I think this pandemic is the turning point for a lot of government organizations with regard to using more modern digital practices in general. Open source adoption is a large part of that. But there are also a lot of people who are seeing that they should be building platforms and deploying this stuff onto the cloud, as opposed to internal infrastructure. Or that they should have in-house technical talent as opposed to relying on outsourced talent. These are things people in the civic tech space have been rallying around for a while now.
People are seeing that you can move quickly and build tech that works, without having to wait an extremely long time. Governments are basically avoiding usual procurement processes right now. There are pros and cons on that front, but for the time being I think it’s the right decision to just move as quickly as you can and get volunteers in the door. This is going to be a moment when people realize that there is a better alternative to what they’ve been seeing with technology. Open source is certainly a huge part of this.
Could you highlight something in the repository that really stands out by filling an urgent need?
The COVID-19 Ask a Scientist project is a great example. This is something that the state of New Jersey really spearheaded. They wanted to find a way to get info about what to do about the virus to residents as quickly as possible. And in a way that was natural to residents.
It’s super easy: you type in a question, and it will give you an answer collected from various authoritative sources, and provide resources you might need. This was a tool New Jersey built for itself, and made open source immediately. And we’ve seen tons of interest from a variety of states on using this.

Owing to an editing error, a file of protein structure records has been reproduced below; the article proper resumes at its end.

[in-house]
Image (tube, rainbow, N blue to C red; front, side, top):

What gaps in government tech capacity have you been seeing?
The first thing that comes to mind is talent. A lot of people are now working double-time, and by and large they’re not necessarily technology experts. So what we’re seeing now is a lot of examples of governments finally reaching out and grabbing talent. You see governments that haven’t invested into technical expertise trying to figure out what to do and rely on outside help.
Conversely, you see places that have invested in talent producing incredible results. Over the last year or two, New Jersey has built out more of a digital innovation workforce, and that’s why they’ve produced a number of tools that people are able to use—and they’ve open sourced them. Same thing with California.
Coming out of this pandemic, I hope we see a rallying call for governments across the world to invest more in their technical capacity.
Do you see the civic tech community’s reaction to this pandemic as unprecedented?
Yes—I’ve seen the community really shifting its focus to everything pandemic-related. The thing that has really struck me is U.S. Digital Response, a totally volunteer effort that I’m involved with as well. It’s a giant network.
In a sense, what we’re seeing now is an extension of what we saw with the healthcare.gov crisis. There were technologists that came into government in a time of great need. But in this case, it’s a global pandemic affecting people everywhere, and it’s long-lasting. People are standing up and raising their hands and saying, “I want to help.” The civic tech community is mature enough at this point to organize and find ways into different government organizations. We know what works and what doesn’t.
It’s totally unprecedented, but it’s also a logical extension of where we’ve been going with the movement.